What Makes Tomatillos Different From Tomatoes?

Anyone familiar with Mexican cuisine knows of the tomatillo, the tangy lead ingredient in salsa verde, tomatillo soup, green enchiladas, and more. When the dry, papery leaf husk is peeled off these small fruits, they very much look like tiny, unripe tomatoes. Their name even means "little tomato" in Spanish. Both tomatoes and tomatillos are incredibly versatile, as they can be roasted, stewed, pulverized into a sauce, and eaten raw. This leads many to believe that these tasty fruits are closely related, but their similarities are really only in name and appearance.

Tomatillos and tomatoes are distant cousins in the nightshade family of plants, which also includes bell peppers, eggplants, and potatoes. Compared to tomatoes, the Chinese lantern fruit and the cape gooseberry are far more closely related to the tomatillo. All the three are similar in size and feature similar leafy husks. And unlike actual green tomatoes, which have a bitter taste, tomatillos are much zestier, with a refreshing sour and sweet flavor. 

Tomatillos are perfect for condiments such as a mango-tomatillo guacamole, where their unique acidity can really shine. Still, given that tomatillos aren't as popular as tomatoes in some countries, you may wonder about other uses for these flavorful green gems.

Some dishes work with either tomatillos or tomatoes, but others don't

Salsas are by far the most common way to use tomatillos. Whether boiled, roasted, or left raw, many recipes mix this fruit with the bright flavors of cilantro, chili peppers, and garlic. A tomatillo sauce can then be used to top off a variety of Mexican recipes, including chilaquiles, enchiladas, and huevos rancheros. 

However, you shouldn't use tomatillos as a tomato replacement in recipes such as pasta sauces, as the sharp, citrus-y flavor of this fruit won't create the intended flavor. Likewise, tomatoes are not a great replacement for tomatillos in salsa verde or tomatillo soups, as they are way too mellow. Raw tomatillos are also way more crisp and firm than a soft, juicy tomato, so expect a much different mouthfeel if you plan to swap one for another.

This doesn't mean that tomatoes and tomatillos can't play similar roles. Roasted tomatillo slices pair just as well with meat as roasted cherry tomatoes would. Their sour overtones cut through the heavy, hearty flavors of steak or roast chicken. In chilis, pozoles (hominy-enriched soups), and stews, both of these fruits can brighten up the flavors of ingredients like meat, dairy, and hot peppers. You can also swap in tomatillos for tomatoes in salads or sandwiches. Try dressing them with olive oil and a simple vinaigrette, or try a smoky jalapeño grilled cheese with tomatillos, and enjoy how the acidic, savory, and spicy flavors meld in your mouth.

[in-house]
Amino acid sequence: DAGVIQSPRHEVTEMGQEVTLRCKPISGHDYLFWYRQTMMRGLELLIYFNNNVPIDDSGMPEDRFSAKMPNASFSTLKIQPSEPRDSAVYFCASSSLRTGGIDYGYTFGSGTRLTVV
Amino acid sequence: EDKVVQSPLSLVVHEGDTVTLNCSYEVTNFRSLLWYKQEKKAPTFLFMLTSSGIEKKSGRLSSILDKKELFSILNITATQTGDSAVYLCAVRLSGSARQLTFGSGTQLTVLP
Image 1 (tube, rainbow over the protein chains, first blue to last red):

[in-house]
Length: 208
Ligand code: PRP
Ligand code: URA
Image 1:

Tips for selecting and storing tomatillos

Unlike with tomatoes, color does not dictate the ripeness of tomatillos. In addition to green, you might be lucky to find yellow and even purple versions of this fruit, but all varieties should be judged mainly on texture. A good tomatillo will feel sturdy in your hand, and unlike a tomato, it will not yield to the touch. Any mushiness indicates decay, so keep an eye out for bruised or particularly soft tomatillos while shopping. 

Once purchased, tomatillos will last about two days on the counter, three weeks in the fridge, and up to six months in the freezer. The counter works best for unripe tomatillos whose husks have not fully opened, and freezing should be relegated to fruits that you've already peeled, washed, or chopped.

As for the flavor of yellow and purple tomatillos, they are much sweeter in comparison to green breeds, and their flavor can resemble fruits such as plums or honeydew. These two uncommon variants are best served raw, as heat can ruin their flavor. For instance, they can actually substitute for tomatoes in a basil and mozzarella salad, to great effect. The dish's stunning appearance will wow anyone who tries it. Still, remember that no tomatillos are all that similar to tomatoes, much less identical — tomatillos deserve appreciation all on their own, without comparisons to their distant cousins.